This website uses cookies to improve your browsing experience and the continued use of the webpage indicates your consent to ÅF’s use of these cookies. Find out more about how ÅF uses cookies and how you can manage them here: Read more

Copenhagen finds power in architecture

Green advisor

In Copenhagen, the energy company HOFOR is collaborating with Gottlieb Paludan Architects, part of ÅF, in designing the new biomass-fired CHP unit, BIO4. The result is a beautiful building that demonstrates the shift from fossil fuel to renewable energy and that invites the citizens of Copenhagen to take part in the process.

By 2025, Copenhagen aims to be the world’s first carbon neutral capital city. To achieve this vision, the city is now converting one of the largest energy plants from coal- to biomass-fired boilers. With a 500 MW boiler based on sustainable biofuel, BIO4 will provide thousands of people in Copenhagen, with environmentally friendly electricity and heat.

”BIO4 is a cornerstone and a key investment in achieving our vision for the environment. 25 percent of the city’s residents will be supplied with district heating from BIO4”, explains Jakob Hougaard, a member of Copenhagen’s City Council and Board Member of the energy company HOFOR that owns the facility.

8,000 tree trunks cover the exterior

BIO4 is part of Amagerværket, a formerly coal-fired heat and power plant built in the 1970s, located just a few kilometres outside Copenhagen’s city centre. The new unit will replace the plant’s coal-fired combined heat and power unit.

The close proximity to the capital city places high environmental requirements on the building. BIO4’s advanced flue-gas treatment system is expected to reduce carbon dioxide emissions by 1.2 million tonnes per year. This corresponds to almost 40 percent of the carbon dioxide emissions in Copenhagen.

Architect agency Gottlieb Paludan Architects (GPA), part of ÅF, is responsible for the design of BIO4 and in developing the area surrounding Amagerværket. The CHP unit is enclosed by a deep façade, with 8,000 FSC-labeled debarked tree trunks. There is a walkway where visitors can see into the power plant. BIO4 wants to use architecture as a way to involve the general public in this transition to green energy.

”The building is designed so that people can see up close how the energy is produced, without any safety risks”, says Michael Krarup, architect and project manager at GPA.

From industrial to green areas

In the area surrounding the treelined building, forestal areas will be planted and during the coming years, Amagerværket will be transformed into a green space. The idea is that the buildingwill be integrated with the surrounding area.

”As the trees age, the appearance of the exterior will change, just like the surrounding nature. And when the trees are fully worn out, they will be grinded into wood chips and fuel the plant’s furnaces”, continues Michael.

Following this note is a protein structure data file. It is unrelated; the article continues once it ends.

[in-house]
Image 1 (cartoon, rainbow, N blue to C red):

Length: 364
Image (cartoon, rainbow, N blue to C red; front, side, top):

When Amagerværket was built, it was an industrial area in the outskirts of Copenhagen. As the city is growing, the power plant comes closer and closer to the residents’ everyday lives and all the while, awareness about sustainability is increasing in society and among citizens. BIO4 is a visualisation of the story of society’s shift from fossil fuel to renewable energy.

”Today, many of us take energy for granted. We turn the lights on and off at home, and we fill up the bathtub with water without thinking about how it all works. With BIO4, we invite the public to see the technical development and how green energy is created. Electricity and heating are such important functions in society that the general public should get a chance to be a part of it.” says Michael Krarup.

A project with democratic value

A corridor of trees runs along the building and leads to a lush platform on the roof where visitors can view the surrounding area. When BIO4 is completed in 2019, the plant will be a prominent part of Copenhagen’s skyline. The openness of the design and the visibility of the building has an essential democratic value says Michael Krarup.

”Previously, many power plants were ’hidden,’ no one knew what they looked like. By being transparent and sharing our information, we can show that we are acting responsibly – we do not have anything to hide.”

Jakob Hougaard believes that as cities grow, it will be increasingly critical for society-based functions to be incorporated into the urban structure, both by being accessible to the citizens and from an aesthetic perspective.

”By being visually appealing, we make people feel more comfortable with the fact that these types of buildings are a part of the city. It is exciting to see what happens when you invite architects to be part of projects that have been traditionally engineer driven; it can add a lot of value and functionality to the public space.”


Industries